Uncovering campus racism

August 15, 2018 by J-Wire Newsdesk
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The Australasian Union of Jewish Students has congratulated a journalist who has exposed the levels of racism being experienced in Australian universities.

Instagram   Charles Sturt University

Nina Funnell’s thoroughly researched article in The Australian starts detailing an event at St Mark’s residential college in Adelaide University, a university at which Jewish law books were defaced in a library.

Funnell describes an image  with a caption “Happy Hanukkah from Auschwitz!!”

In the article Funnell writes: “The photo, taken at an event organised and hosted at the elite St Mark’s residential college, features two recent students from the University of Adelaide wearing striped concentration camp-style pyjamas, caricature hook noses and a yellow Star of David pinned on their chests.

The students are also depicted wearing mock shackles with prisoner identification numbers marked on their inner arms, simulating those tattooed on Jewish concentration camp victims during the Holocaust.”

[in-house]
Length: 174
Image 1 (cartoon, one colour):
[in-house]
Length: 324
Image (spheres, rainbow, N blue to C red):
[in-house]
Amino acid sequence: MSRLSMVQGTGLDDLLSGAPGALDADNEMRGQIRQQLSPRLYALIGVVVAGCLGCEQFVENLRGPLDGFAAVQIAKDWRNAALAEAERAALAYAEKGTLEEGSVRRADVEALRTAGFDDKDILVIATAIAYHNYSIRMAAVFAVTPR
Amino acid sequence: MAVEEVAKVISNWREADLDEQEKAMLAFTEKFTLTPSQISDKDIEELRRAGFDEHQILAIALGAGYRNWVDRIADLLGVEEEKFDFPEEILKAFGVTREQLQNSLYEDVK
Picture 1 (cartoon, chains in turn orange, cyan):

In the article which can be read here

Fanning’s research has growing incidents of racist examples across the country.
A spokesperson for  AUSJS told J-Wire: “AUJS is deeply concerned by the pattern of antisemitic behaviour emerging from university campuses. These latest revelations from St. Marks College are a sad reflection on parts of the student population which is not immune to the rise of antisemitism on both the extreme left and right in Australia.
 
That students can view this sort of behaviour as acceptable, or even funny, demonstrates the necessity for better antisemitism and anti-racism education on our campuses. Consequently, AUJS will continue working with student representative councils and universities in passing the International Holocaust Remembrance Alliance (IHRA) definition of antisemitism and creating educational opportunities to promote tolerance and multiculturalism. 
 
When college and university administrations fail to condemn systemic discrimination, they shirk their duty of care to students and allow antisemitism to fester.
AUJS would like to thank Nina Funnell for bringing this concerning issue to light in the hope our universities prioritise educating their students against antisemitism and take active steps to combat systemic discrimination.”

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